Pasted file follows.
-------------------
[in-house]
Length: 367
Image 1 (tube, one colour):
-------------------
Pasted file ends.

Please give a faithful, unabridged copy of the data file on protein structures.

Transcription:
[in-house]
Length: 367
Image 1 (tube, one colour):